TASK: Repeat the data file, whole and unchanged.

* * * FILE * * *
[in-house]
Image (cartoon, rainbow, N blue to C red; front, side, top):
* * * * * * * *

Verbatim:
[in-house]
Image (cartoon, rainbow, N blue to C red; front, side, top):